In an advance that could solve many of the ethical and technical issues involved in stem cell research, two groups of scientists have independently converted human skin cells directly into stem cells without creating or destroying embryos.
"We are now in a position to be able to generate patient- and disease-specific stem cells without using human eggs or embryos," Shinya Yamanaka, leader of one of the research teams at Kyoto University in Japan, said in an e-mail interview.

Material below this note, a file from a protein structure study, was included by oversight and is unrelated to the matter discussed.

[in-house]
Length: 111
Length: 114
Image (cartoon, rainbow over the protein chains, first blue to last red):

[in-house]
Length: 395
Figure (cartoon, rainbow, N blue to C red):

Preliminary tests show that the newly created cells can develop into nerve cells, heart cells, or any other kind of cell in the body. Previously, only stem cells taken from early embryos had this kind of flexibility, called pluripotency. Scientists have suggested that such embryonic stem cells could be used for learning about genetic diseases, testing new drugs on cells grown in the lab, or growing healthy cells for therapeutic transplantation.
Producing embryonic stem cells has become controv